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Yeger on Parks and Expanding Safety For Private And Religious Schools

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Kalman Yeger by Esther Shittu/ BKLYNER

BOROUGH PARK – Councilman is a new title for Kalman Yeger, but he’s no stranger to public service. “I love public service,” Yeger said. “There’s not a single time when I walk into the city hall that I’m not in awe of the opportunity that’s been given to me and that my community has entrusted me with.”

The newly elected councilman of District 44, serving parts of Bensonhurst, Borough Park, and Midwood, had his first job as an assistant to Councilman Lloyd Henry when he was 19 years old.  He later worked under the Bronx Borough President for six years before serving on Community Board 14 for 17 years, ending his term in December after being elected to his current position.

While serving as a community board member, he was also a senior advisor to Councilman David Greenfield. Greenfield later selected Yeger to replace him for the Democratic nomination when he decided not to run for reelection after the candidate petition filing deadline. He won over 66 percent of the votes in the general election.

Yeger said that parks, schools, and traffic congestion are important to him in his communities, adding that it is important for elected officials to view things as achievable and not impossible.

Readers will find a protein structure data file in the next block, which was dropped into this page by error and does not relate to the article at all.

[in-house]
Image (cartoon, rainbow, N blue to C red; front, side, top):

“We’ve already begun working with Parks to look for ways to expand our district’s acreage,” Yeger said. He added that he’s looking at ways to expand both the natural borders of existing parks in the district with the Parks Without Borders initiatives and to identify places where new parks or Tot Lots can be developed.

Another issue he is passionate about is school safety.

Yeger hopes to expand Greenfield’s school security guard legislation, which he helped to write while working for the councilman. The bill, which was approved by the City Council and signed into law by Mayor de Blasio in 2015, requires the city to pay for private security guards in private and religious schools with 300 or more students. Yeger, whose district includes 102 schools of which 70 are private or religious schools, wants to lower that number to 150 students.

“There are schools of 212 kids that can’t qualify for the program so I think it’s important to try to figure out a way to expand that,” Yeger said.

He adds that most Yeshivas in his district are able to benefit from the program, however, Catholic and Muslim schools are not benefitting because of their sizes. “Schools are sensitive places,” Yeger said. “It doesn’t matter to me what kind of school your child attends. Your child is in a school, your child should be protected during that period of time.”

Yeger said that the incident in Parkland, Florida shows the challenges of school safety. “The reason for this program is not to protect children from each other,” Yeger said. “It’s not to protect the teachers from the children, the children from the teachers, it’s to protect the children from the outsiders coming in and wishing to do them harm. And isn’t that our obligation?”

The Daily News reported that the city expected to pay $19.8 million for the program in its first year, Yeger’s office confirmed that the city spent about $20 million on the program last year.

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